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Santorum Drops Out of the Republican 2012 Race, But Only 29% of Voters Find Mitt Romney Inspiring

With former Senator Rick Santorum officially suspending his presidential campaign on Tuesday, all eyes will now be turning toward a coming showdown between presumptive GOP candidate Mitt Romney and President Barack Obama. 

As both campaigns begin to go on the offensive, a new Washington Post-ABC News poll suggests that both parties have some important ground to cover in the coming months. Here are five particular areas to keep an eye on:

1) President Obama’s approval rating could mean trouble. While the president currently enjoys an approval rating of right around 50%, that’s not necessarily on the high end of history. Campaigning is hard enough when you are not the one running the country, but it takes even more to be both a strong candidate and a strong leader. Still, if the president wants to keep the odds in his favor historically, he would do well to keep a close eye on that approval rating.

2) Mitt Romney needs to be more than a businessman. There is no doubt about it: Even if Romney wants to try and be “one of us,” we all know that the man got rich by doing good business.  Voters respond to this: He has a 4% point lead on the president when it comes to “handling the economy,” and an impressive 51-38 lead when it comes to “handling the federal budget deficit.” 

At the same time, he also hits lower on just about everything else: He trails Obama 49-39 on “protecting the middle class,” 53-36 on “handling international affairs,” and 53-34 on “handlingwomen’s issues.” While Romney has made some very small progress in the first two areas, the gap remains deeply troublesome for Republicans. Just about anything that is not strictly fiscal or economic puts Romney in a tough position when put up against President Obama.

On the other hand, this is just the beginning. Like all presidential elections, Romney still has to make the transition out of “primary mode.” Women’s issues – whatever they might be – were less of a focus in debates with a Rick Santorum or Ron Paul than they will be against Obama. That Romney is trailing on these issues does not necessarily point to a failing of his campaign strategy; it tells us where the big discussions are going to take place.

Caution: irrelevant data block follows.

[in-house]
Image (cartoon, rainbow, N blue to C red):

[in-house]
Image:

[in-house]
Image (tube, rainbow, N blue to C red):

3) Romney comes off as unlikeable. Perhaps the most significant finding of the new poll is in the area of general likability and leadership. When asked which candidate “seemed like the most friendly and likeable person,” Romney trailed President Obama by a whopping 40 points. Granted, we all knew that Romney had a bit of an image problem, but this is a near-impossible gap to close. Perhaps even more worrisome for the GOP, voters also find Obama to be the more inspiring leader, 55 to 29 percent. In a time when 76% of Americans still believe the country to be in a recession, the ability to inspire voters is going to be huge.

Indeed, if Romney does not close the “likeability gap” – and it is hard to see how he could – then a lot of his strategy seems to bank on economic difficulties come election time. That’s certainly not something, however, that can be said explicitly.

4) Mormonism and personal wealth not an issue for Romney and GOP. In what seems like an almost contradictory statistic, 71% of voters called Romney’s personal wealth “not a major factor” in determining their support. This is striking because it would seem that Romney’s wealth often gives grounds for his “unlikeability” – most of his gaffes, for instance, have to do with that “1% mentality” people accuse him of having. Still, this should also come as a bit of a relief: Romney may feel like pressure to “justify” his wealth in front of the Left’s attacks.

Romney’s Mormonism, while hardly ever mentioned, seems to be generally outside of voter consideration as well. 80% of voters polled said it was “not a major factor” in their decision.

5) “Unfairness” beats out “Over-regulation” as major problem in the U.S. economy. Of the voters polled, 52% identified unfairness as a bigger problem for the country than over-regulation, which received only 37%. While the gap has narrowed slightly since the beginning of the year (55%-35%), it still stands quite strongly in opposition to the GOP. If Romney plans to make an effective appeal to voters, he will need to link economic unfairness to the failed regulatory strategies of the Left. If he can do this effectively and use it to bolster his economic credentials, he could put himself in a much stronger position for November.

If the election were held today, President Obama would likely defeat Mitt Romney will little difficulty. At the time of the polling, 51% of voters said that they would vote for the President, while only 43% put themselves behind Romney. If the GOP challenger hopes to close this gap by the time November comes around, he certainly has his work cut out for him. A process of steady moderation and courting of independent voters is sure to come, and we will probably see Romney weighing in a bit more on social policies before long. He will try to lay economic difficulties on Obama’s head and present himself as the savvy (but not out-of-touch) businessman who can turn the nation’s financial troubles around.

At the same time, Obama ought to be careful and ensure that his approval rating does not dip below the 50% mark. He should continue to hit Romney on social issues and pressure him with accusations of leaving the middle class behind. His Buffett Rule, despite being somewhat “politick-y,” is a good campaign move that should set the tone for his larger election strategy.

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